Late yesterday the PCAOB released the first Big 4 firm inspection report with none other than KPMG (in full on page 2). Compliance Week reported that the House of Klynveld more or less stayed consistent with last year's findings, which basically amounts to everyone shrugging with indifference:
In its first published report from the 2011 inspection cycle, the Public Company Accounting Oversight Board found fault with a dozen KPMG audits, the same number it criticized the year before. The board inspected 52 audits performed by KPMG, plus an additional audit where the firm contributed to the audit effort but was not the principal auditor. From November 2010 through October 2011, the PCAOB inspectors visited 31 U.S. field offices and KPMG's national offices to study audits where it believed it was most likely to find problems. In the prior year, when audit failures jumped for all the major firms, KPMG's numbers were almost identical. Inspectors studied 52 audits and an additional two audits where the firm was not the principal auditor, and it picked apart and criticized 12 audits, for a failure rate of 22 percent. In 2009, the board found fault with only eight of the 60 audits it studied.
The failures cited by the PCAOB were practically identical, too; they included "loan losses, business combinations, fair value measurements, accounts receivable, revenue recognition, yields and cash flows associated with troubled loans." The only real difference between last year's report and this year's was the firm's response. Last year it was attributed to the firm as a whole, while this year Vice Chair of Audit James Liddy affixed his name to the "we're taking the necessary steps, yada yada yada":
James Liddy, KPMG vice chair for the firm's audit practice, attached a response to the KPMG report. “We conducted a thorough evaluation of the matters identified in the draft report and addressed the engagement-specific findings in a manner consistent with PCAOB auditing standards and KPMG policies and procedures,” he wrote.
Anyway, we had to start somewhere and KPMG has set the benchmark failure rate at 22%. Since PCOAB Chairman Jim Doty has suggested that the inspection reports will look very similar to last year, I guess we should expect to this be one of the better performances among the larger firms, which obviously isn't saying much.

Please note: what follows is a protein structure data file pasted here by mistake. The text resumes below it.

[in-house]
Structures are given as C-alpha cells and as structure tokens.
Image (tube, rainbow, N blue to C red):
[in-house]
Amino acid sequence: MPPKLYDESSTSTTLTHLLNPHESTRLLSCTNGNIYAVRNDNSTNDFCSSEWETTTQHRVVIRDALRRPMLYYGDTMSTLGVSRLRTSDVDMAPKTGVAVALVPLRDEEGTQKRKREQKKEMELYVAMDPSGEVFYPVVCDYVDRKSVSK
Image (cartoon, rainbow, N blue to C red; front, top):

But with KPMG out of the gate, this does give us a good excuse to start handicapping the rest of the field. So of the remaining major firms (i.e. let's include Grant Thornton, BDO, McGladrey, and Crowe Horwath just for fun), where will they land and what will their failure rates be? Will E&Y give KPMG another run for its money? Will Deloitte, McGladrey and Crowe bring up the rear by a wide margin again? Will one firm simply knock it out of the park and come home with a <5% failure rate (hell, we'd settle for <20%). Let the wildly unfounded speculating begin.
When Mazars USA isn’t getting subpoenaed for Donald Trump’s tax returns, it’s snagging people away from the Big 4, in particular, KPMG. Olga Blyweiss is one of the newest members of Club M, recently joining the firm as a tax partner in its Fort Washington, PA, office. In a previous life, Blyweiss was the managing […]
In the storied history of auditor independence violations by PCAOB-registered accounting firms, Marcum broke the rules in a rather unique and spectacular way: it publicly advocated its audit clients as investment opportunities. The PCAOB was probably giddy writing and sending out this press release on Sept. 10: The Public Company Accounting Oversight Board today announced […]
Privacy & Cookies Policy
Necessary cookies are absolutely essential for the website to function properly. This category only includes cookies that ensures basic functionalities and security features of the website. These cookies do not store any personal information.